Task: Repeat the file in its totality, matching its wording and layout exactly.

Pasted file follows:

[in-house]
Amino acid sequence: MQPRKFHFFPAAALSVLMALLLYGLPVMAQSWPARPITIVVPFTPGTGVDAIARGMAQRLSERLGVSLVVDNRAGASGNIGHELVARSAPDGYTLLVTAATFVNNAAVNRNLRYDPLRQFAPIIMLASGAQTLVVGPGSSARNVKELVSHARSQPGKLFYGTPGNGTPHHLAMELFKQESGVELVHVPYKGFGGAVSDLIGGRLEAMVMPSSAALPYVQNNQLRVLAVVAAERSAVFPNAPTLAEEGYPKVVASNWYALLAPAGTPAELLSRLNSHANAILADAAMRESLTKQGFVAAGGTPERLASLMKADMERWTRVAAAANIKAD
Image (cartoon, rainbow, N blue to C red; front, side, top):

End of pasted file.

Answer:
[in-house]
Amino acid sequence: MQPRKFHFFPAAALSVLMALLLYGLPVMAQSWPARPITIVVPFTPGTGVDAIARGMAQRLSERLGVSLVVDNRAGASGNIGHELVARSAPDGYTLLVTAATFVNNAAVNRNLRYDPLRQFAPIIMLASGAQTLVVGPGSSARNVKELVSHARSQPGKLFYGTPGNGTPHHLAMELFKQESGVELVHVPYKGFGGAVSDLIGGRLEAMVMPSSAALPYVQNNQLRVLAVVAAERSAVFPNAPTLAEEGYPKVVASNWYALLAPAGTPAELLSRLNSHANAILADAAMRESLTKQGFVAAGGTPERLASLMKADMERWTRVAAAANIKAD
Image (cartoon, rainbow, N blue to C red; front, side, top):